When we think of financial planning, we naturally focus on the future. We start by getting really clear about where we are today, then we spend time thinking about where we want to be 10, 20 or even 30 years from now. Part of the process includes deciding how much we’ll want to spend, when we’ll want to spend it and how much we can save. Someone has to decide when the plan will end, too, and estimate a year of death, perhaps for two people.
So any plan will involve projections. Before we can draft them, we need to make a bunch of assumptions, or guesses, about what will happen to things like interest rates, inflation and the stock market.
As our plans start to take shape, we can weigh different situations until we identify the exact plan for us. It’s the adult version of playing What If? For example, if we can’t save as much as we need to meet our goals, we can adjust the rate-of-return assumption by shifting more of our portfolio to stocks, or we can decide to spend less in retirement years from now. Or there’s my personal favorite suggested by a reader: We can die earlier. These are all ways of making the plan work. But remember, they’re still just guesses.
This process is full of potential problems. I’ve watched salespeople disguised as financial planners abuse this process by moving assumptions around until they’ve made it painfully obvious that the only solution happens to be the product they’re selling. I’ve also watched well-intentioned advisers use this process with a false sense of precision that leads to disappointment when things don’t work out as promised.
We could also do the opposite and give up on the whole process of planning. Just forget your goals and projections and focus on the process of living today! As silly as it may sound, focusing on the process instead of the goal is an idea rooted in the teachings of many ancient traditions.
Jesus pointed to the lilies and noted that they don’t toil or spend time thinking about tomorrow, and things work out. The emphasis on the present moment is said to be one of the most distinctive characteristics of Zen Buddhism. Attend a yoga class, and you’ll get another modern-day reminder to focus on being present.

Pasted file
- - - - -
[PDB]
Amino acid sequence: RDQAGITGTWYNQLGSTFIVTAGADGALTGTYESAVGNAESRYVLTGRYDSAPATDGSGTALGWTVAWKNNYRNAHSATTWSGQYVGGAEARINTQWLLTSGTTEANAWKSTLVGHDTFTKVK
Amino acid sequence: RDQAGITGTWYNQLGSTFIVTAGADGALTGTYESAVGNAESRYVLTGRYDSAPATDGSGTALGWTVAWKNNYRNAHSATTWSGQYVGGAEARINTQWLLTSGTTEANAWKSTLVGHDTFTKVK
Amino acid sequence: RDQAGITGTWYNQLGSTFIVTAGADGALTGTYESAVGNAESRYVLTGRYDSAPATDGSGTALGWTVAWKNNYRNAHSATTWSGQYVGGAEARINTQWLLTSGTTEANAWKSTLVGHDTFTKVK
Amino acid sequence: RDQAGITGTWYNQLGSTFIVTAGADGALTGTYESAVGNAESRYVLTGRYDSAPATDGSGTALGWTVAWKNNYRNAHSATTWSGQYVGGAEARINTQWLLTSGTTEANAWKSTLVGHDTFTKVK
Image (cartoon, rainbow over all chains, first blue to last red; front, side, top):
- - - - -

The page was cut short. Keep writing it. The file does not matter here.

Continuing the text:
By this point, you may be wondering, “Why bother?” I suggest we look at a middle way. I think of it as living in the present and, every once in a while, peeking into the future. It’s incredibly hard for humans to imagine a goal so distant as retirement (even if it’s only 10 years away). But we need to remind ourselves that if we want to get there, we have to take at least some action today.
One way to do this is to set a goal, any goal, even if it’s based on an assumption. Fundamental goals ought to reflect our deepest values — the things we actually believe are most crucial. These future goals can give us a deeper yes, so we can say no to things that aren’t really important to us, but might feel urgent at the moment.
Yes, goals are themselves based on guesses about our future selves, but instead of obsessing, we can simply identify them as a potential destination. They represent a place we think we want to go, sort of like a destination on a trip. Even the most carefree of travelers has an idea of where to go, but by following the middle way, we keep ourselves open to the possibility of an unplanned side trip.
By giving ourselves permission to let go of certainty and the false sense of precision that often goes with planning, we relieve the pressure of feeling like we must get it right every time. Once we put planning in this light, we can shift our focus solely from the future and share it with right now. With goals and a flexible plan in hand, we’re that much closer to happily living in the moment instead of stressing about a future we can’t predict.
This commentary originally appeared April 21 on NYTimes.com
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